At 360, roughly 50% of our day to day activities are centered around the transaction space. Historically, the split was heavily weighted on the buy side of the transaction – evaluating and quantifying incoming liabilities and looking under the rug for outlier liabilities that could materially affect the purchase price and/or deal scope. In the past 18 months we have seen a significant shift toward sellers engaging our team in advance of a sale process to provide an independent assessment of the liabilities in their asset portfolio – including what’s under their rug. Ultimately, the rationale behind this is twofold; the first is the desire to be fully informed for subsequent negotiations following buyer due diligence and the second is having the intel to better direct asset retirement budgets to create the most meaningful impact inside of the pre-sale window – this post will focus on the latter.
On the buy side of liability assessments, the evaluation process can vary based on the size of the transaction, the time available for due diligence and budget. Because of this, and in most instances, asset portfolios are stratified into populations (based on asset type/vintage/area etc.) and a representative sample grouping from each population is comprehensively reviewed with the results then being extrapolated across the remainder of the like-populations. While not an exact science, the net result of this process yields a representative liability value. On the sell side, this creates the potential for an artificially high liability assessment – particularly for sellers with limited historical end of life data. This is better illustrated with an example:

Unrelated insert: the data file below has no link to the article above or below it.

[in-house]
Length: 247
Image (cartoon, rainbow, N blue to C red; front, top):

The selling company has a grouping of 30 abandoned wells that are all of similar vintage and type. 5 of these have had a Phase 1 ESA completed and all 5 failed. Of the 5 that failed, 2 have progressed to have a Phase 2 ESA completed. The results have determined that one of the sites will require $250,000 in remediation/reclamation and one of the sites will require $20,000 in remediation/reclamation. Because typical due diligence does not include any form of invasive assessment (further testing etc.), when applying liability values to the original grouping of 30 abandoned wells, the assessed value is based on the limited data that is available from the 5 wells that failed the Phase 1 ESA and the 2 wells that have a remediation/reclamation budget following the Phase 2 ESA. Simple math tells us that the total remediation/reclamation budget for the grouping of 30 will fall somewhere between $600K and $7.5M. That’s quite the delta. Inevitably, even with considerations based on regional experience, significant contingency values are layered into the final assessment – tending to error on the higher side of the split especially from a buy side perspective. Resultantly, this can translate to a negotiated change in the purchase price of the asset or a change in the scope of the package.
We feel that a greater understanding of the liability associated with a full portfolio of assets allows operators to assign effective, efficient and impactful budget dollars. This in-turn can have a material impact when divesting or acquiring assets because of a heightened awareness and actual data to reinforce.
At 360, we work with our clients to understand their full scope of liabilities – what’s under your rug?
President, 360 Energy Liability Management